Trump’s Dangerous Game: Uncertain Collective Security As NATO Members Told To “Pay Up”


In a combative speech at the opening of NATO’s new headquarters in Brussels, US President Donald Trump told the leaders of NATO’s member states that he expected them to increase their defense spending considerably. Trump’s request echoes earlier suggestions by former Presidents Bush and Obama that NATO members ought to contribute more to collective defense by strengthening their militaries.

Formed during the Cold War, NATO was intended to ensure the security of Western Europe against the Soviet Union. While NATO performs a number of functions, the most significant of these is the guaranteeing of collective security to all member states through Article 5 of the North Atlantic Treaty, which states that an attack on any member state shall be responded to by all other member states.

Today, as during the Cold War, NATO’s primary function is in protecting European countries from Russian expansionism. While NATO’s collective defense mechanism has been effective in protecting European countries (no NATO member has been invaded), the United States Government has long argued that it pays too much, allowing other countries to skimp on their spending. During his speech, Trump stated, “NATO members must finally contribute their fair share and meet their financial obligations, for 23 of the 28 member nations are still not paying what they should be paying and what they’re supposed to be paying for their defense.”

President Trump’s claim is partially correct. NATO asks members to maintain their own national militaries and to contribute to maintaining a collective defence force (though these expenses are minuscule compared to the domestic military spending of NATO states). While the US is the largest contributor to NATO with just under $500 Million per year given, this number is not out of proportion to the U.S.’s economy, which dwarfs those of its European Allies. While Trump’s claim may not apply to direct contributions to NATO, it is more relevant to the military spending of NATO members. In 2006, NATO leaders agreed that all member states should attempt to spend 2% of GDP on defense, and while this figure has never been binding, NATO leaders agreed to meet it by 2024 in the aftermath of Crimea’s annexation. Currently, only 5 of NATO’s 28 members meet this standard.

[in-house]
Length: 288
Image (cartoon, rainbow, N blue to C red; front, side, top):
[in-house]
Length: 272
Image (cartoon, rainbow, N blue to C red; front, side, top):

These 5 members consist of the United States, Britain, Poland, Estonia, and Greece; a group of nations spurred on by their own desire for influence, or out of necessity, given their proximity to aggressor states like Russia and Turkey. By encouraging Europe to step up its spending, the President is playing a dangerous game. As he suggested in Brussels, NATO states would have benefitted from $119 billion in additional military spending last year if European states met this benchmark. That money would undoubtedly help Eastern and Northern European states who have long feared Russian aggression. At the same time, it is understandable that President Trump, whose country has spent 3.5%-5% of GDP on defense over the last ten years, would wish to see other countries contributing their share. However, the protection NATO promises to member states is contingent on the credibility of Article 5. With Trump frequently questioning whether stingy countries deserve protection, and refusing to state his support for the principle of collective defense in Brussels this past week, that blanket of protection looks threadbare.